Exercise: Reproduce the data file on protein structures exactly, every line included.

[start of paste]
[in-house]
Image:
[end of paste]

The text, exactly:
[in-house]
Image: